Saffron is said to have landed in Sweden during the 1300s, thanks to trade with Asia. Its consumption was reserved for feasts and holidays, when it appeared in sweet cakes, breads and buns. Yeasted saffron cakes are still popular in the region, particularly on December 13th, when Saint Lucia's Day is celebrated. This cake, either the whole or in part, freezes well.






Skill level

Average: 3.6 (159 votes)


  • 100 g (⅔ cup) golden raisins, coarsely chopped
  • ½ tsp saffron threads
  • 80 ml (⅓ cup) boiling water
  • 125 ml (½ cup) milk, heated to body temperature
  • 3 tsp instant dried yeast
  • 3 eggs, lightly beaten
  • 110 g (½ cup) caster sugar
  • 600 g (4 cups) plain flour
  • ½ tsp salt
  • 125 g softened butter
  • icing sugar, for dusting

Cook's notes

Oven temperatures are for conventional; if using fan-forced (convection), reduce the temperature by 20˚C. | We use Australian tablespoons and cups: 1 teaspoon equals 5 ml; 1 tablespoon equals 20 ml; 1 cup equals 250 ml. | All herbs are fresh (unless specified) and cups are lightly packed. | All vegetables are medium size and peeled, unless specified. | All eggs are 55-60 g, unless specified.


Rising time 3 hours

Pour 80 ml (⅓ cup) boiling water over the raisins and saffron in a bowl then stand until the water is tepid, about 5 minutes. Reserving the liquid, drain the raisins well, pressing on them with your hands to remove as much liquid as possible. Set the raisins aside.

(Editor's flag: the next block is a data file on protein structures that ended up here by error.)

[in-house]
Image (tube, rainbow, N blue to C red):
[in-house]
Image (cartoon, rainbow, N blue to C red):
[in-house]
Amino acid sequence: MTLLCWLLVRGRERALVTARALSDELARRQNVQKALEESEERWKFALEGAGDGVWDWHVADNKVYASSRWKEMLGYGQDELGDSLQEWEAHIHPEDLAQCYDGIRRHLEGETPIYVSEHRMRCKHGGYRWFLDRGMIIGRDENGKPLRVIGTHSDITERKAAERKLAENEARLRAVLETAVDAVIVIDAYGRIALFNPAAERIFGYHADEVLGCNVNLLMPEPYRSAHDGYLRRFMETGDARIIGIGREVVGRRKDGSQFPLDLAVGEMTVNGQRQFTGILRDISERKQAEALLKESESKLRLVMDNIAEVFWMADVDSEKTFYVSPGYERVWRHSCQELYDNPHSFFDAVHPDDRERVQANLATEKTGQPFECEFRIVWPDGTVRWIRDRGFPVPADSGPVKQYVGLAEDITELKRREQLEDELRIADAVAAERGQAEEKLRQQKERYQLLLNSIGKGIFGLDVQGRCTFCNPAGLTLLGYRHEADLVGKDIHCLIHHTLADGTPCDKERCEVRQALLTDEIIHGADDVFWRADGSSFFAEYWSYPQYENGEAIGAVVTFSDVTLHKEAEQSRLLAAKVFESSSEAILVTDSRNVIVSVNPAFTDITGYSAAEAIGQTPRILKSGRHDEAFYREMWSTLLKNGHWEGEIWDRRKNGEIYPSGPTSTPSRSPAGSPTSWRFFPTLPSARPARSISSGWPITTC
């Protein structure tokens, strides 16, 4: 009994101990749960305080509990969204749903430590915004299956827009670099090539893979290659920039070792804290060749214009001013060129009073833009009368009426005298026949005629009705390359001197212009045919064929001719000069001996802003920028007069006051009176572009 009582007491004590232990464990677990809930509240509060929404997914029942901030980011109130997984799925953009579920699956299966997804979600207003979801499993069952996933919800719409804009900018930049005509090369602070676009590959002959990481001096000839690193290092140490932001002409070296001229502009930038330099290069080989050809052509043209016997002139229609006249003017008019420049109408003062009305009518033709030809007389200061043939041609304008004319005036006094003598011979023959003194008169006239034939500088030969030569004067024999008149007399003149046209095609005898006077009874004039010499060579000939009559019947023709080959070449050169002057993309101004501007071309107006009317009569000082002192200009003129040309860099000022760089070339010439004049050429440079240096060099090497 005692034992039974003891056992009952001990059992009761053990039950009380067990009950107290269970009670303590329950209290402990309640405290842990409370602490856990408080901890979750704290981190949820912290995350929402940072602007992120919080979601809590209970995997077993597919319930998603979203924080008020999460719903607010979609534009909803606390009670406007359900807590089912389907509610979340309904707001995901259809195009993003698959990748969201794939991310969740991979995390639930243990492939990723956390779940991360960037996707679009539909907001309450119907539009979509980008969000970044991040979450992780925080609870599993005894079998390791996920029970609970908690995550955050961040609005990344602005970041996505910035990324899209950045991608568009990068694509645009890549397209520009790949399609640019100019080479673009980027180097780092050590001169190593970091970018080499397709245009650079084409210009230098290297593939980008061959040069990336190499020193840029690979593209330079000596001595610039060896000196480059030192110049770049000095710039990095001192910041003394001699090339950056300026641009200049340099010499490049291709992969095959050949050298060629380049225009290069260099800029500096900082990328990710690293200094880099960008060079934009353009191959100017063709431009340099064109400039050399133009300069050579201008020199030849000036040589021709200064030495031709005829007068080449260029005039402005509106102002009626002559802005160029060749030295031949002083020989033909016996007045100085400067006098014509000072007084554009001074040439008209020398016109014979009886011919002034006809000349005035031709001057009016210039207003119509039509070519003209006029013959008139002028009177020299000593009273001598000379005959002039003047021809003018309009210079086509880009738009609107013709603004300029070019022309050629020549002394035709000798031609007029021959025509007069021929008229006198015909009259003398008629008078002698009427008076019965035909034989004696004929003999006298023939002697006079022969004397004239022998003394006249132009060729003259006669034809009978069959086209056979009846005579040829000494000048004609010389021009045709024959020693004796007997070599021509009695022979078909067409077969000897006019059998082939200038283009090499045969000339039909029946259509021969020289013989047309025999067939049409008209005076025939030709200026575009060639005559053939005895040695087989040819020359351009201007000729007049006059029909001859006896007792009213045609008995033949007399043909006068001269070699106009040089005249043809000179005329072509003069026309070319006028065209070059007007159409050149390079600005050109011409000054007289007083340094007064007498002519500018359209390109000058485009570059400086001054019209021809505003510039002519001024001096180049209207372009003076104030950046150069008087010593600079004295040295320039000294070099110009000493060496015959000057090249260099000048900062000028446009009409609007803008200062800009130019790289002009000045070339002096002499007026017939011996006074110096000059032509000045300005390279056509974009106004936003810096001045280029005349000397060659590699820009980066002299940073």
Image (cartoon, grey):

Combine the raisin liquid and milk in the bowl of a stand mixer, sprinkle over the yeast, whisk together, then stand for 5-10 minutes or until foamy. Add the eggs and sugar and beat with a paddle attachment to mix well. 

Add 450 g (3 cups) of the flour and the salt to the bowl and beat slowly for 3-4 minutes or until smooth and combined well. With the machine running on medium-low speed, add the butter, a heaped tablespoon at a time and beat until it is incorporated. Add the remaining flour and reserved raisins and beat for 3-4 minutes or until the mixture is smooth and very elastic.

Cover the bowl with plastic wrap then stand in a draught-free place for 1-2 hours or until it has doubled in bulk. Grease and flour a 22 cm, 2.5 litre (10 cup) capacity Kugelhopf tin. Stir the dough to knock it back then pour it into the tin, smoothing the surface with lightly buttered hands.  Cover the tin loosely with a slightly damp tea towel then stand in a draught free place for 1 hour or until the dough has risen to the top of the tin. Meanwhile, preheat the oven to 170ºC.

Once it has risen, bake the saffron cake for 30-40 minutes or until a cake tester withdraws clean. Cool in the tin for 10 minutes then turn out onto a wire rack to cool completely. Serve dusted with icing sugar.


Photography by Alan Benson. Styling by Sarah O'Brien. Food preparation by Nick Banbury.